Ten Essential Time Management Tips – by Dumb Little Man

February 23, 2010 at 3:20 am 2 comments


Over the past six years, I%u2019ve picked up a lot of time management tips. Some of them have been helpful and, frankly, some have been useless. Here, I%u2019ve compiled the ten that have served me best. And yes, I%u2019m sure you%u2019ll have heard some of them before … but are you actually doing them?

It doesn%u2019t matter whether you%u2019re self-employed, employed or a student: over the past six years, I%u2019ve been an undergraduate student, a full-time employee, a part-time postgraduate student, and a freelancer %u2013 and these tips work for all those situations!

  1. Three Important Things
    This is the %u201Cbig rocks first%u201D technique of scheduling your three most important tasks into your day and letting everything else flow around them.

    In case you%u2019ve not come across the %u201Crocks%u201D analogy before, it goes like this:

    You%u2019re given a jar, three large rocks, a handful of pebbles and some sand. If you pour the sand and pebbles into the jar first, there won%u2019t be room to force the rocks into it %u2013 but if you put the rocks in first, the pebbles can flow around the rocks, then the sand can be poured in to fill the gaps.

  • Always Carry a Notepad
    How often have you been stuck waiting for a train or standing in line at the bank with absolutely nothing to do? Keep a notepad in your pocket or purse and you%u2019ll always be able to do some productive work: whether it%u2019s an outline for your next project, a list of ideas for new products, or a few notes for an article or short story.

    If you have a PDA or phone that you can type on, try using that instead of a notepad %u2013 you can transfer your notes to your computer.


  • Make Checklists
    Do you ever find yourself procrastinating on big projects %u2013 or spinning your wheels without much idea of what needs to be done next? For almost any project, a checklist is a good way to keep on track. You might keep checklists like:
    • Books and articles to read for your next essay
    • Steps to take whenever you take on a new client
    • Office procedures, such as closing up at night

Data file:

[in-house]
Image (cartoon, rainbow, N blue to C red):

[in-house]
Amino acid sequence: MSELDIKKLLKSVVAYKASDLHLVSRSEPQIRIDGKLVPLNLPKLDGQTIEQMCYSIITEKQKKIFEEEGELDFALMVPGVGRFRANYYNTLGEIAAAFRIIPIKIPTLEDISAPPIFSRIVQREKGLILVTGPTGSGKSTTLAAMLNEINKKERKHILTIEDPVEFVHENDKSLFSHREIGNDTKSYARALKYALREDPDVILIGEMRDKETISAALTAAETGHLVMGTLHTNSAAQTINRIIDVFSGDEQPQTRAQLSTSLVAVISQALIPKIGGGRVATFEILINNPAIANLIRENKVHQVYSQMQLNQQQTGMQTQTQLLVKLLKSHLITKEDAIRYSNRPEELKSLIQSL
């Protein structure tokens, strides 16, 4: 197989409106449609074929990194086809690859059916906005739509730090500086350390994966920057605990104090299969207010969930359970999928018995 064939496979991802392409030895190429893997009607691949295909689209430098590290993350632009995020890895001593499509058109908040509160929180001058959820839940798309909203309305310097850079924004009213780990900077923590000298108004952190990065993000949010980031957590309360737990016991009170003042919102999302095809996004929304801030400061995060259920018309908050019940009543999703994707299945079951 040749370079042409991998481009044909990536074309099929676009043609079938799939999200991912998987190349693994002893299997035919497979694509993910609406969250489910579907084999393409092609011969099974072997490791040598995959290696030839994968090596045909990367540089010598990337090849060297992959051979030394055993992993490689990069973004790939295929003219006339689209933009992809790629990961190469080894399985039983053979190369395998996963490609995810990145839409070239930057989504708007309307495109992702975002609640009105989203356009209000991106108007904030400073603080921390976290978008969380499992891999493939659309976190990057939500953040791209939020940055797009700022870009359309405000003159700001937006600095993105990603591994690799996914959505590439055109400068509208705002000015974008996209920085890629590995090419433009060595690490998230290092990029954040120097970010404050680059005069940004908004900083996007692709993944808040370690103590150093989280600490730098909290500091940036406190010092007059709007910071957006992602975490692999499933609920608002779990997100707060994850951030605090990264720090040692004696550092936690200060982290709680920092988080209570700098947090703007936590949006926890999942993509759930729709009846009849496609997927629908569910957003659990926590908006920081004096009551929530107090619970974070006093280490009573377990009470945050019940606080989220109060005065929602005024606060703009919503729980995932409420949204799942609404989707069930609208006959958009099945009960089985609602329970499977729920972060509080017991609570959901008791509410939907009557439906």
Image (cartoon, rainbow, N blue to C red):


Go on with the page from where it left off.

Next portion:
Checklists are particularly important for tasks which you do on a regular basis: they%u2019ll save you the time of trying to figure out exactly what it is you need to in order to set up a new website or launch a new product. Breaking down a big project into individual tasks is also a great way to avoid procrastination.


  • Work in Short Bursts
    Many people make the mistake of trying to work for long hours at a stretch. Inevitably, they run out of energy quickly %u2013 or end up working inefficiently. It%u2019s much easier to concentrate when you%u2019re working for a short time period, which is why students are normally advised to study for 20-45 minute bursts, taking frequent breaks.

    If you%u2019re struggling to concentrate on work, set a timer for twenty minutes, and see how much you can get done in that time. Twenty minutes of concentrated work can be more productive than two hours of fiddling around.

  • Do One Thing
    Our world is becoming faster and busier than ever. It%u2019s all too common for us to be replying to emails, keeping up with friends on Twitter, and holding a conversation with colleagues %u2013 while trying to get that big company report finished. No wonder we end up working late.

    Experts now believe that it%u2019s better for us to concentrate on one task at a time, rather than multi-tasking: every time we switch between different tasks, we have to refocus %u2013 and we%u2019re also likely to get distracted.